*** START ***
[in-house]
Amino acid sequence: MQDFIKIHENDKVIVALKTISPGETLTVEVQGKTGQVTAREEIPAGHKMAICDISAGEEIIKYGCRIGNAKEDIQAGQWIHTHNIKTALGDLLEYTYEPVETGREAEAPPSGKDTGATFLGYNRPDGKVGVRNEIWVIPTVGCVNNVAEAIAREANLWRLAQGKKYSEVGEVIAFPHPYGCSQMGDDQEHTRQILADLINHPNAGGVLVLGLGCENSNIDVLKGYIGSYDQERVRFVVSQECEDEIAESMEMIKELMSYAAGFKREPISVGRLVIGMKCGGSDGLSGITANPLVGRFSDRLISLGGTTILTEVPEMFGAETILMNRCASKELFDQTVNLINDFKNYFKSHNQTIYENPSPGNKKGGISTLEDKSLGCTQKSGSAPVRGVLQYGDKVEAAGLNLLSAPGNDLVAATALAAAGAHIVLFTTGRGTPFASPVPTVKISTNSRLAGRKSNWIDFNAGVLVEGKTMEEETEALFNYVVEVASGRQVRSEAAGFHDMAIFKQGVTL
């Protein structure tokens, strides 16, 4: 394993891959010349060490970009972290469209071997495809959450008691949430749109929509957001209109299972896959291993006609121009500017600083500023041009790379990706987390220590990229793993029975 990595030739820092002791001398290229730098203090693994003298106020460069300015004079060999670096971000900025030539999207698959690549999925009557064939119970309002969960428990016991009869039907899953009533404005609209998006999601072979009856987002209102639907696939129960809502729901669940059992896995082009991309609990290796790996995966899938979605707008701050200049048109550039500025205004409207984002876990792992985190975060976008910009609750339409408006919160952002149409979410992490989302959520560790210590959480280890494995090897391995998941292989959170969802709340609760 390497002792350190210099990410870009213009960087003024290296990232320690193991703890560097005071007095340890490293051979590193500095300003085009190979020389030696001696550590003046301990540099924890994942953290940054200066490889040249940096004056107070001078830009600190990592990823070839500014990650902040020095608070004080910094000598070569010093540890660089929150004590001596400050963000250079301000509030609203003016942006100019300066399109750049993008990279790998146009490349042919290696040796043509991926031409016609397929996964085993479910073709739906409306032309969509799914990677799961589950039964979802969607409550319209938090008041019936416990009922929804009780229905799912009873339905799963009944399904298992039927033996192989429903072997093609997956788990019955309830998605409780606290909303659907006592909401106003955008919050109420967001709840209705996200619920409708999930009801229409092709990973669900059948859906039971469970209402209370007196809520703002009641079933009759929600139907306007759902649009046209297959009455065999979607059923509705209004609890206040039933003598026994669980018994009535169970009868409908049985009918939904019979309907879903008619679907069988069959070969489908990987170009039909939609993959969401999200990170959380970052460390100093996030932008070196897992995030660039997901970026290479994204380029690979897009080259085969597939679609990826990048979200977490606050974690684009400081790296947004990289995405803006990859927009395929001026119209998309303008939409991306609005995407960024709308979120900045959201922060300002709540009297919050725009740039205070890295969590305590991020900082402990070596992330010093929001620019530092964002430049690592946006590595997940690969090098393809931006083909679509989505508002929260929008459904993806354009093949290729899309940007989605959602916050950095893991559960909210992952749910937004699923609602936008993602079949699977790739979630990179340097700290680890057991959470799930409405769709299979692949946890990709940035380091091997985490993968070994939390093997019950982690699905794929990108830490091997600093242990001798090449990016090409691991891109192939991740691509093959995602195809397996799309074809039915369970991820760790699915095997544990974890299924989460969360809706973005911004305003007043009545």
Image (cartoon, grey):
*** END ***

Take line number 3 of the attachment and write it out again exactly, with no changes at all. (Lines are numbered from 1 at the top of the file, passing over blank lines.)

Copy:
């Protein structure tokens, strides 16, 4: 394993891959010349060490970009972290469209071997495809959450008691949430749109929509957001209109299972896959291993006609121009500017600083500023041009790379990706987390220590990229793993029975 990595030739820092002791001398290229730098203090693994003298106020460069300015004079060999670096971000900025030539999207698959690549999925009557064939119970309002969960428990016991009869039907899953009533404005609209998006999601072979009856987002209102639907696939129960809502729901669940059992896995082009991309609990290796790996995966899938979605707008701050200049048109550039500025205004409207984002876990792992985190975060976008910009609750339409408006919160952002149409979410992490989302959520560790210590959480280890494995090897391995998941292989959170969802709340609760 390497002792350190210099990410870009213009960087003024290296990232320690193991703890560097005071007095340890490293051979590193500095300003085009190979020389030696001696550590003046301990540099924890994942953290940054200066490889040249940096004056107070001078830009600190990592990823070839500014990650902040020095608070004080910094000598070569010093540890660089929150004590001596400050963000250079301000509030609203003016942006100019300066399109750049993008990279790998146009490349042919290696040796043509991926031409016609397929996964085993479910073709739906409306032309969509799914990677799961589950039964979802969607409550319209938090008041019936416990009922929804009780229905799912009873339905799963009944399904298992039927033996192989429903072997093609997956788990019955309830998605409780606290909303659907006592909401106003955008919050109420967001709840209705996200619920409708999930009801229409092709990973669900059948859906039971469970209402209370007196809520703002009641079933009759929600139907306007759902649009046209297959009455065999979607059923509705209004609890206040039933003598026994669980018994009535169970009868409908049985009918939904019979309907879903008619679907069988069959070969489908990987170009039909939609993959969401999200990170959380970052460390100093996030932008070196897992995030660039997901970026290479994204380029690979897009080259085969597939679609990826990048979200977490606050974690684009400081790296947004990289995405803006990859927009395929001026119209998309303008939409991306609005995407960024709308979120900045959201922060300002709540009297919050725009740039205070890295969590305590991020900082402990070596992330010093929001620019530092964002430049690592946006590595997940690969090098393809931006083909679509989505508002929260929008459904993806354009093949290729899309940007989605959602916050950095893991559960909210992952749910937004699923609602936008993602079949699977790739979630990179340097700290680890057991959470799930409405769709299979692949946890990709940035380091091997985490993968070994939390093997019950982690699905794929990108830490091997600093242990001798090449990016090409691991891109192939991740691509093959995602195809397996799309074809039915369970991820760790699915095997544990974890299924989460969360809706973005911004305003007043009545």